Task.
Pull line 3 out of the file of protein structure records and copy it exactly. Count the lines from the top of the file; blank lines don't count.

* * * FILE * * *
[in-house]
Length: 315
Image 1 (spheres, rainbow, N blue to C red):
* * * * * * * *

Image 1 (spheres, rainbow, N blue to C red):